Although AKRSPI and KKFF’s warehouse receipts program were different in design, both organizations learned a number of important lessons that can hopefully benefit other practitioners working with warehouse receipts, delayed marketing and spot exchanges.
- Organizations managing warehouse receipts programs should aim to build synergies with other players in the post-harvest value chain such as transporters, warehousing facilities, commodity exchange platforms and buyers. This can increase overall efficiency in the post-harvest value chain, which can ultimately result in a more consistent supply of commodity on the market as well as stable market prices. Written agreements (especially with buyers) should be in place with all partners before the program is advertised to farmers.
- Organizations implementing warehouse receipts programs should be transparent about their fee structure as well as how money generated from warehouse receipts activities will be used by the organization.Rural farmers earning a relatively small profit from commodity sales might hesitate to participate in a program that may appear to substantially benefit another organization—especially when they can independently participate in the traditional market. KKFF currently earns a small profit from transport, storage and delayed marketing activities and reinvests this into member activities. They have informed farmers about this arrangement (with an overall positive reaction) in an effort to be transparent.
- Warehouse receipts programs should maintain industry-backed and evaluated operational procedures to ensure credibility with financial institutions and rural farmers.Industry-accepted guidelines on valuation not only ensure transparency with farmers but also provide financial institutions with the documentation that they need in order to issue warehouse credit. KKFF has developed a Standards Operations Protocol (SOP) and utilized industry guidelines for measurement and valuation of commodity.
- Legally sound agreements should be drafted for all parties involved in warehouse receipts activities including the implementing organization, warehousing and transport companies, financial institutions and farmers.Key agreement components should include information about:
- Liability: Typically the owner of the warehouse assumes responsibility of any produce stored.
- Insurance: Purchasing insurance as risk mitigation against the stored produce is highly recommended.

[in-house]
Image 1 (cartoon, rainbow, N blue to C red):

- Forward contracts: All forward contracts should safeguard the interests of all parties involved including buyers and sellers.
- Receipts: The implementing organization should ensure that all warehouse receipts provided to farmers will be honored by participating financial institutions.
- Incorporating spot exchanges into a warehouse receipts program can provide a transparent platform for farmers to obtain current market information as well as secure direct contracts with reputable buyers.A well-designed spot-exchange platform can provide many benefits to both producer and buyer including transparency of sale, guaranteed payment, storage, transport and reputable valuation and measuring practices.
If formal spot-exchange platforms do not currently exist in an organization’s operating area, organizations can work with local technology companies to provide market information to farmers as well as develop a reliable network of buyers.
- Practitioners working in partnerships with organizations providing spot-exchange services should ensure that all key participants fully understand the agricultural product being sold as well as the practices of the local market.Spot exchanges should provide farmers with more lucrative options than selling on the conventional market. Insufficient knowledge of the agricultural product and the local market can result in a disadvantageous situation for rural farmers in the form of lower sales prices. Spot exchange programs should ensure that a sufficient number of buyers are participating in sales to prevent collusion. A small number of buyers can result in collusion, ultimately affecting the sales price offered to rural farmers. One way to prevent this from occurring is to educate buyers in addition to farmers on the benefits of spot exchanges including higher quality products, secure payment and timely delivery.
While the impact of KKFF and AKRSPI’s warehouse receipts programs on the food security of their clients was not fully explored, certain results point towards positive linkages. Increased income as a result of higher sales prices can possibly improve the ability of rural farmers to purchase a wider variety of food for their household as well as re-invest in activities to further stabilize and improve their income throughout the year. Staggered sales of agricultural commodity on the local market can possibly improve food security for local communities by ensuring a more consistent supply of food. As AKRSPI and KKFF continue to refine and develop their warehouse receipts programs, they hope to further explore the impact of their programs on the food security of rural households in India.